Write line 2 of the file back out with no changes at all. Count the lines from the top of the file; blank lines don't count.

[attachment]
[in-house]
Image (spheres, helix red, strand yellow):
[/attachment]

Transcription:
Image (spheres, helix red, strand yellow):